At Mincha we read chapter two of Pirkei Avot, which starts with the Mishnah that a person should do the thing that is honourable to himself and which brings him honour from others. I think writing is honourable and it’s the only thing I ever seem to get praised for. It’s still scary to think about doing it professionally. It’s tempting to wish for the kind of miracle stories people on Hevria.com or Aish.com relate in their lives. I suppose that’s coveting again.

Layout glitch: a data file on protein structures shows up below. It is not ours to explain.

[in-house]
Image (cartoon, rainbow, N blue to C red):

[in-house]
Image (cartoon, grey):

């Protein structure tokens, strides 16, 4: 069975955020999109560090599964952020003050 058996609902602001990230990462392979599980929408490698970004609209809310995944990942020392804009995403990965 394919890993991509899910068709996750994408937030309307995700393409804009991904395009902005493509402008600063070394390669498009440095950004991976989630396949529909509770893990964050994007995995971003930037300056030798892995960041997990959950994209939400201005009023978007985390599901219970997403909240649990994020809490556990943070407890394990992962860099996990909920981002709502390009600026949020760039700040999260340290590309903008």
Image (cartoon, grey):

One other good thing that came out of Shabbat is that I have been trying some grounding techniques for my CBT homework, to bring me back to the world when I feel depressed or anxious. My therapist gave me a whole list of them. I’ve been trying three: describing the room I’m in, which hasn’t really helped; feeling my chair (or similar), noticing the sensations, which has been quite good, mostly because autistically I like feeling pressure from pressing against surfaces and tend to do it when stressed anyway so it’s just a question of being more mindful of it; or telling myself something positive. I didn’t think the last one would help, as I’ve not had much success with CBT mantras and the like in the past, but telling myself “I’m dealing with a lot of difficult things” seemed to help a bit. At least I could believe “I’m dealing with a lot of difficult things” more than something like, “I’m a good person.”